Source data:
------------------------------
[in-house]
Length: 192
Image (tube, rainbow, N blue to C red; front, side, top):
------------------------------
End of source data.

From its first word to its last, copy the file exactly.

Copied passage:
[in-house]
Length: 192
Image (tube, rainbow, N blue to C red; front, side, top):